However, you can be forgiven for not having the slightest clue as to how your life will change. That particular wisdom only comes from experience, from baptism by fire.

Though I will endeavor to shed some light on what one can expect with the creation and introduction of a dependent life form, please be aware that the reality of parenthood is terribly difficult to express, and I can't truly do it justice. It does not lend itself easily to words, nor can it be better explained through songs and gesticulating. Like weightlessness and Tommy Lee driving a boat with an erection, parenting is something that demands it be experienced firsthand to be fully appreciated. Trying to explain parenthood to a nonparent is like trying to explain the sun to a drunken hillbilly. Sure, they'll nod and smile and stagger away with the basics—big and hot—but they won't really grasp the sheer magnitude.

To force an analogy that needlessly incorporates Australia: Parenting is like emigrating to Australia in the 1800s. A person heard about it through word of mouth and written accounts and was vaguely aware of an exciting, interesting, and challenging new environment. But he wouldn't think much of it until one day he found himself headed there. After a long, tiresome journey, he'd arrive, and only then realize that he had absolutely no idea what he was getting himself into. The animals bounce, the seasons are backward, and everyone around him speaks the same language but uses totally different words. And there's really no going back because it was a one-way trip.

Nevertheless, I feel it's important you have some perspective on the changes brought by parenthood and how something that does nothing but soil itself and weep at odd hours can have such an absolutely staggering impact on your life. There are many roads to having a baby, especially in this day and age, but to facilitate matters we'll stick with the traditional one: You find someone you want to marry, they feel the same way, and sooner or later you decide to have a baby. You will then do your thing, with the knowledge that if you are successful, you will wind up adding a baby to the equation—thus changing your life in some fashion. There are no major changes yet, aside from the meticulous planning of coitus—because at that point you're merely trying to have a baby. That endeavor can range from a laborious undertaking to, in my case, a terrifyingly effortless three minutes. But there is no actual baby. It remains a distant notion. Just as a bepimpled pubescent teen imagines how one day he'll lose his virginity, a maturing man imagines how he'll one day become a father. But losing one's virginity seldom comes to pass as one had imagined. The fantasy is a swollen-lipped, airbrushed Playmate swimming in satin sheets. The reality is your bum on cold vinyl and Maggie whacking her head on the rearview mirror as she steals your innocence in the passenger seat of a Scirocco; your rapid heartbeat the result not of passion, but terror that every passing vehicle's headlights will somehow illuminate you through the frosted windows.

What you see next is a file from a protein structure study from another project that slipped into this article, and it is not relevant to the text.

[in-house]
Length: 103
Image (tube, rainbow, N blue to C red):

In that same manner, becoming a parent is also something you can't possibly fathom—like being attacked by an enraged neon monkey in a top hat.

Though subtle, change starts at conception. Your wife, having peed on an expensive plastic stick, emerges from the bathroom with an expression of glee, one hopes, and waves the stick in your face. You consult the box it came in to make sure you're reading the stick correctly. If you have, congratulations are in order. Still, there are variables. The pregnancy could fail. And anyway, the real change is nine months away. Nine months is nearly a year, and a year seems like forever. Granted, the older you get, the less like forever it seems—but it's still significantly down the road. The only immediate change this early into the game is that mom-to-be cannot continue drinking and smoking like she used to. If she didn't know that, she probably shouldn't be having a baby, either.

In the Event of My Untimely Demise
Twenty Things My Son Needs to Know
. Copyright © by Brian Sack. Reprinted by permission of HarperCollins Publishers, Inc. All rights reserved. Available now wherever books are sold.
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Table of Contents


Introduction     1
Prologue: Dear Son     5
Change Starts at Conception     9
High, Reasonable Hopes     19
Trust Your Gut     27
Fight, Cub     37
We'll Need to Talk     51
There Is a Light at the End of the Tunnel     59
Your Career     69
You Can't Take It with You     77
Get Up, Get Out, and Go Where the Toilets Are Different     87
Gray Is Good     95
Deferred Pay     105
On Knots     117
Meet the Parents     127
Respect Your Elders, Wisely     139
Friends, Indeed     149
How I Am Different     161
Mortality's in the House     171
What Old People Can Offer Us     179
Nobody Likes an Enemy     189
Live to Be Missed     199
Epilogue: Dear Son     207
Acknowledgments     209
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  • Anonymous

    Posted April 29, 2012

    This is a very good book. Very funny.

    This is a very good book. Very funny.

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    Posted February 15, 2010